African American Heritage & Ethnography Key Concepts: Learning Resources Center—Links


Ethnographic Research Center

  1. Archdiocese of Santa Fe. “El Santuario de Chimayo, the Lourdes of America.”

    To search the National Register of Historic Places information system (NRIS):
    • Click on the name
    • Select "State and Resource Name"
    • Enter NM (New Mexico) as the State
    • Enter Chimayo as the Name of the site
    • Select #3 web page link
  2. Calloway, Donald. Methods Used in Ethnographic Inquiry in Alaska.

    Regulating harvest and wildlife resources in Alaska if often devolved to “local communities and their customary and traditional practices.” Through the use of a variety of anthropological methodologies, including ethnographic community studies and oral histories, local perspectives have been incorporated into management decisions. Calloway’s study explores how ethnography can bring “contextual understanding of individual communities” and thus better communication between communities and resource managers as well as culturally appropriate ways for managing resources.

  3. Crespi, Muriel (Miki). A Brief Ethnography of Magnolia Plantation: Planning for Cane River Creole National Historic Park.

    Interest in the people with traditional associations to Magnolia plantation, one of the two plantations incorporated into Cane River Creole National Historical Park (CARI), and in the development of the new park’s General Management Plan prompted this brief ethnographic study. We hoped to bring diverse voices to planning dialogues about resources, interpretation, and alternatives by walking the grounds that associated people consider culturally meaningful and by interviewing ethnically different peoples individually or in groups. Our interest focused particularly on the associated peoples who perceive park resources as essential to their development and continued identity as culturally distinct people. The same community members rarely participate in public planning hearings, but the research process would help inform them about the park taking shape in their midst. Additionally, the project would demonstrate the value of professional cultural anthropological or ethnographic work to “ground-truthing” community concerns by the researchers’ direct interaction with people and places. We interviewed people who were born or lived and worked at and near Magnolia. We identified the ethnographic resources, or places and landscapes they considered culturally meaningful, and the ways they perceived their past and wished it conveyed to the visiting public. To help contextualize people’s responses, we also lightly sketched the political, economic, social and geographic aspects of plantation life in the mid-20th century. [Crespi 2004]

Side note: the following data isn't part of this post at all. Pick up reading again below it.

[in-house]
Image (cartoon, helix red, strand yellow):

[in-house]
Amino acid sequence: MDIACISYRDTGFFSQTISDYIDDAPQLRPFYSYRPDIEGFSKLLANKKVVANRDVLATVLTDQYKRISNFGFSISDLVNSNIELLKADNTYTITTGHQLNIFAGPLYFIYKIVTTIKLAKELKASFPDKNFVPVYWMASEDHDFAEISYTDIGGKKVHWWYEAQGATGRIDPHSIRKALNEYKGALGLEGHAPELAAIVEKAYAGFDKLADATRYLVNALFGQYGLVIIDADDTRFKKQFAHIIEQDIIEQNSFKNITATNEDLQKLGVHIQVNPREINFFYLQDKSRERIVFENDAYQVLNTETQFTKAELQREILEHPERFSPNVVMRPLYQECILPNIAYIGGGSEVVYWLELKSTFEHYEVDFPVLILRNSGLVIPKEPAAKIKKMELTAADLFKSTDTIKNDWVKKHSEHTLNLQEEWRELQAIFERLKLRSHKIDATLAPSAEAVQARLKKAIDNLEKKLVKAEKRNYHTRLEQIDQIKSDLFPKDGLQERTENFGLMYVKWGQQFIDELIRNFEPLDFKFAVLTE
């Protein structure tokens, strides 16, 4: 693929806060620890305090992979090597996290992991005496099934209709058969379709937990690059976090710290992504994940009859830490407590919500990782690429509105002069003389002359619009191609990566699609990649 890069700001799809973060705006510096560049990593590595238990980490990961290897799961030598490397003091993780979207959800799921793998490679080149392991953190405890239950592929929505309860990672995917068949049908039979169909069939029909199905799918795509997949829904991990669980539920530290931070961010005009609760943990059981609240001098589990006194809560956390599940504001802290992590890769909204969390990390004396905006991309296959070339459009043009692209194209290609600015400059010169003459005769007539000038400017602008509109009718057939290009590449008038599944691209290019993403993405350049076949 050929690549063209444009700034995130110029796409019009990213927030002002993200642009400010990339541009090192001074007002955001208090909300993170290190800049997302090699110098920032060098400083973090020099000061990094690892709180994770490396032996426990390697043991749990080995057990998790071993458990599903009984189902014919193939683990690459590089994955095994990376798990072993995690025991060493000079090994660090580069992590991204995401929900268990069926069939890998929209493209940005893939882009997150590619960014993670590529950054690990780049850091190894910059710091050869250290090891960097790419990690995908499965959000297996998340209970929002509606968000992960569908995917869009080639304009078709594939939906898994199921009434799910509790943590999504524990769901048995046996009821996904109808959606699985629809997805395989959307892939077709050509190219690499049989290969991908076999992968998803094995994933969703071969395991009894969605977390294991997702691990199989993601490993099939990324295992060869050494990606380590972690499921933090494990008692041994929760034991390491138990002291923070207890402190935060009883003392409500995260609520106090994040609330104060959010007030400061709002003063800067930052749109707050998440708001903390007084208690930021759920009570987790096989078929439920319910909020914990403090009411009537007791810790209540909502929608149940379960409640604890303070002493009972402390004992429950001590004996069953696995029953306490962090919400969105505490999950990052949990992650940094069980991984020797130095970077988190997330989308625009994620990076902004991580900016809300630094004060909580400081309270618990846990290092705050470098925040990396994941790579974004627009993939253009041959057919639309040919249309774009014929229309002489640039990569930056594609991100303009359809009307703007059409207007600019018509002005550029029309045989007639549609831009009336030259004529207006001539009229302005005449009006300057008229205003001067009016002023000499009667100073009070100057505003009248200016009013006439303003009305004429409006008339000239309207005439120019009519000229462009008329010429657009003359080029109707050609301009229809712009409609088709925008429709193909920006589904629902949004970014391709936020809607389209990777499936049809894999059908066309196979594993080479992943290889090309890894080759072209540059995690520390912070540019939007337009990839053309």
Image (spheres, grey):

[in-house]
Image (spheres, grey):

4. Crespi, Muriel and Carla Mattix. Negotiating Ethical and Legal Mazes in the Federal Workplace.